MISSOULA, Mont.— The Center for Biological Diversity and four other conservation organizations filed a notice of intent today to sue the U.S. Fish and Wildlife Service for failing to respond to a petition to protect the Northern Rockies fisher under the Endangered Species Act. A relative of the mink and otter, the Northern Rockies fisher once inhabited northeastern Washington, Idaho, Montana, northwest Wyoming and north-central Utah, but has been reduced to just a fraction of its range in the United States to Idaho and Montana. Under the law the Fish and Wildlife Service was required to respond to the September 2013 petition within one year.
“The secretive fisher has been decimated by decades of fur trapping and logging and needs immediate protection under the Endangered Species Act if it’s going to survive,” said Andrea Santarsiere, a staff attorney with the Center for Biological Diversity. “These feisty carnivores, the only true predator of the porcupine, need our help sooner rather than later.”
Despite a struggling population, fishers are still legally trapped in Montana, and levels of incidental trapping of fishers in traps set for other animals in Montana and Idaho have increased to alarming numbers in recent years. Twice as many fishers have been incidentally trapped in Idaho since 2008 as were captured from 2002 to 2007. In Idaho reported nontarget catch of fishers by individual fur-takers totaled 46 in the 2010-2011 trapping season, four of which were killed, and 30 in the 2011-2012 trapping season, 18 of which were killed. There has also been a dramatic increase in the number of trapping licenses sold in recent years related to both trapping for wolves and increased demand for bobcat pelts in Asia.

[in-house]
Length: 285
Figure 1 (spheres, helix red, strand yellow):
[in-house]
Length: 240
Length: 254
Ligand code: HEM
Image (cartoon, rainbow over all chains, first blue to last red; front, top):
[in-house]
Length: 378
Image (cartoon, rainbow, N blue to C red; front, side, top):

“Fishers in the Clearwater region of Idaho and surrounding areas have native genes which make them unique,” said Gary Macfarlane of Friends of the Clearwater. “Even though this critter can take on a porcupine, it is not equipped to effectively deal with threats from logging, incidental trapping, and road building.”
Conservation groups originally petitioned for protection for the Northern Rockies fisher in 2009. The Service issued a negative finding on that petition, because at the time trapping levels were lower and less information was available on the specific habitat needs of the species in the northern Rockies. The Service, however, did determine that fishers in the northern Rockies portion of their range are genetically distinct from fisher populations in the East and on the West Coast. Since that time there has been significant new information on the threats to the species, including the increased rate of trapping in Idaho and Montana.
“The fisher faces a variety of threats, both directly from trapping and as a result of human-caused degradation of its habitat in the northern Rockies,” said Travis Bruner, executive director of Western Watersheds Project. “Endangered Species Act protection for the fisher is overdue, and listing under the Act would help protect and restore the striking western landscapes that fishers call home. ”
“Fisher in Montana are being decimated by trapping and logging,” said Arlene Montgomery, program director for Friends of the Wild Swan. "While the Fish and Wildlife Service delays protection, the Northern Rockies fisher faces imminent threats to its survival."
Organizations that signed the Notice of Intent include Center for Biological Diversity, Friends of the Bitterroot, Friends of the Clearwater, Friends of the Wild Swan, and Western Watersheds Project.